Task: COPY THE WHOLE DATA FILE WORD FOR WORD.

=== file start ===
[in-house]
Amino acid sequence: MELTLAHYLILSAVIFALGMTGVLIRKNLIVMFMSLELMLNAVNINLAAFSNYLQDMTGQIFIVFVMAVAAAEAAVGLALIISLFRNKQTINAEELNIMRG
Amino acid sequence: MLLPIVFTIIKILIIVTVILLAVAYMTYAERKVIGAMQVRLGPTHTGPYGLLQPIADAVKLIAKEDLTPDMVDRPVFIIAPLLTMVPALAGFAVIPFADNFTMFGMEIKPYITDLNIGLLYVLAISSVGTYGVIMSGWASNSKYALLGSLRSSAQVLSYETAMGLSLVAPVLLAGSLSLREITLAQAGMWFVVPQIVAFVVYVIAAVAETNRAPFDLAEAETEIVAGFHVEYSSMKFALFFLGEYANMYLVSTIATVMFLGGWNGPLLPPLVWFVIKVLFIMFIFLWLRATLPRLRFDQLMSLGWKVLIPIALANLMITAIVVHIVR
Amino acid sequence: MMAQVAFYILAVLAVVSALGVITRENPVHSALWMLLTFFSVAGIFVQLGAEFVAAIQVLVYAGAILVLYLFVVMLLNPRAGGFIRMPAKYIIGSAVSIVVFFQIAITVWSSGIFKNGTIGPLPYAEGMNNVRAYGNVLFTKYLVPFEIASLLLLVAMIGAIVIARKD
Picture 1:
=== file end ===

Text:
[in-house]
Amino acid sequence: MELTLAHYLILSAVIFALGMTGVLIRKNLIVMFMSLELMLNAVNINLAAFSNYLQDMTGQIFIVFVMAVAAAEAAVGLALIISLFRNKQTINAEELNIMRG
Amino acid sequence: MLLPIVFTIIKILIIVTVILLAVAYMTYAERKVIGAMQVRLGPTHTGPYGLLQPIADAVKLIAKEDLTPDMVDRPVFIIAPLLTMVPALAGFAVIPFADNFTMFGMEIKPYITDLNIGLLYVLAISSVGTYGVIMSGWASNSKYALLGSLRSSAQVLSYETAMGLSLVAPVLLAGSLSLREITLAQAGMWFVVPQIVAFVVYVIAAVAETNRAPFDLAEAETEIVAGFHVEYSSMKFALFFLGEYANMYLVSTIATVMFLGGWNGPLLPPLVWFVIKVLFIMFIFLWLRATLPRLRFDQLMSLGWKVLIPIALANLMITAIVVHIVR
Amino acid sequence: MMAQVAFYILAVLAVVSALGVITRENPVHSALWMLLTFFSVAGIFVQLGAEFVAAIQVLVYAGAILVLYLFVVMLLNPRAGGFIRMPAKYIIGSAVSIVVFFQIAITVWSSGIFKNGTIGPLPYAEGMNNVRAYGNVLFTKYLVPFEIASLLLLVAMIGAIVIARKD
Picture 1: